With abortion in jeopardy, minority women have the most to lose

JACKSON, Miss. (AP) — If you’re black or Hispanic in a conservative state that already limits access to abortions, you’re much more likely than a white woman to have one.

And if the U.S. Supreme Court allows states to further restrict or even ban abortions, minority women who already have limited access to health care will suffer the brunt, according to statistics analyzed by The Associated Press. .

The potential impact on minority women became all the more clear on Monday with the leaking of a draft Supreme Court opinion suggesting that the court’s conservative majority is set to overturn the landmark decision of 1973 legalizing abortion. The draft decision is not yet final but it has sent shock waves across the country. The reversal of Roe v. Wade would give states the power to decide the legality of abortion. About half, mostly in the South and Midwest, are likely to quickly ban abortion.

EDITOR’S NOTE – This is an updated version of a story published earlier this year.

As for the effect on minority women, the numbers are unambiguous. In Mississippi, people of color make up 44% of the population but 81% of women who have abortions, according to the Kaiser Family Foundation, which tracks health statistics.

In Texas, they represent 59% of the population and 74% of those who have abortions. The numbers in Alabama are 35% and 69%. In Louisiana, people of color make up 42% of the population, according to the state health department, and about 72% of those who have abortions.

“Abortion restrictions are racist,” said Cathy Torres, organizing manager of the Frontera Fund, a Texas-based organization that helps women pay for abortions. “They have a direct impact on people of color, black, brown, indigenous…people who are trying to make ends meet.”

Why the big disparities? Laurie Bertram Roberts, executive director of the Alabama-based Yellowhammer Fund, which provides financial support to women seeking abortions, said women of color in states with restrictive abortion laws often have limited access to care. health and a lack of choice for effective birth control. Schools often have ineffective or inadequate sex education.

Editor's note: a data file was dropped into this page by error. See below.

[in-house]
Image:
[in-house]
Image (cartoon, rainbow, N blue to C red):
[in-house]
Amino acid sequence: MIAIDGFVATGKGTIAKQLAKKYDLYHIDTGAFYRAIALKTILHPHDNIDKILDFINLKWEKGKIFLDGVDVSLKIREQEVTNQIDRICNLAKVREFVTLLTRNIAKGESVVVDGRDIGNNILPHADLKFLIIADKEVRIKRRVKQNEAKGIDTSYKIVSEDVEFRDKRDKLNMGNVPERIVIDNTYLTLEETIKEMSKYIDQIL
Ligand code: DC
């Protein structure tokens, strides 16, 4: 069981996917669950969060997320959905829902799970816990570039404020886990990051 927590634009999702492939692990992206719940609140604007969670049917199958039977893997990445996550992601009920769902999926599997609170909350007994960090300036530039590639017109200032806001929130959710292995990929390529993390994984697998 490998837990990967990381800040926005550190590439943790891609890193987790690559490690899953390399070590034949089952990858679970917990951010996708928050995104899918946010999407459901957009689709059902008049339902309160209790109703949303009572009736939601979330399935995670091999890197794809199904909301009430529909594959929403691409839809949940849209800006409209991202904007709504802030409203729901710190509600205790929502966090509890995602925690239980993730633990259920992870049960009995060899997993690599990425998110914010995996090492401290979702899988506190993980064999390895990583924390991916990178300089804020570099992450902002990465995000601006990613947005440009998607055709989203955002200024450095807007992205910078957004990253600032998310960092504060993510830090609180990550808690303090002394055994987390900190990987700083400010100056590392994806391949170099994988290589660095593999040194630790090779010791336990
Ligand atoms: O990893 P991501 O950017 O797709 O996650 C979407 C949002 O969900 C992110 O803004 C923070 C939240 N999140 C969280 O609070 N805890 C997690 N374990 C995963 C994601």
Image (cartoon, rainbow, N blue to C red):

If abortions are banned, these same women – often poor – are likely to have the hardest time traveling to remote parts of the country to terminate pregnancies or raise children they might find difficult to afford, said said Roberts, who is black and has previously volunteered in Mississippi. only clinical abortion.

“We’re talking about people who are already marginalized,” Roberts said.

Amanda Furdge, who is black, was one such woman. She was an unemployed single student who was already raising a baby in 2014 when she found out she was pregnant with another. She said she didn’t know how she could afford another child.

She had had two abortions in Chicago. Accessing an abortion provider was no problem, Furdge said. But now she was in Mississippi, having moved to escape an abusive relationship. Misled by the publicity, she first went to an emergency pregnancy center which tried to dissuade her from having an abortion. By the time she found the abortion clinic, she was too advanced to undergo the procedure.

She’s not surprised by the latest news on the Supreme Court’s likely decision. Most people who are not affected do not consider the issues.

“People are going to have to vote,” said Furdge, 34, who is happily raising her 7-year-old son but continues to advocate for women to have the right to choose. “People are going to have to put people in place to make the decisions that align with their values. When they don’t, things like that happen.

Torres said that historically, anti-abortion laws have been designed to hurt low-income women. She pointed to the Hyde Amendment, a 1980 law that prevents the use of federal funds to pay for abortions except in rare cases.

She also cited the 2021 Texas law that prohibits abortion after approximately six weeks of pregnancy. Where she lives, near the US-Mexico border in the Rio Grande Valley, women are forced to travel for abortions and must pass state border patrol checkpoints where they must disclose their status as citizen, she said.

Regardless of what lawmakers say, Torres insisted, the intention is to target women of color, to control their bodies: “They know who these restrictions are going to affect. They know it, but they don’t care. »

But Andy Gipson, a former Mississippi legislator who is now the state’s commissioner of agriculture and commerce, said race had nothing to do with the Mississippi law’s passage. against abortion after the 15th week. This law is the one currently before the Supreme Court in a direct challenge to Roe v. Wade.

Gipson, a white Baptist minister, said he believes all people are created in the image of God and have “innate worth” that begins at conception. Mississippi lawmakers were trying to protect women and babies by placing limits on abortion, he said.

“I absolutely disagree with the idea that it’s racist or about anything other than saving babies’ lives,” said Gipson, a Republican. “This is about saving the lives of unborn children and the life and health of the mother, regardless of color.”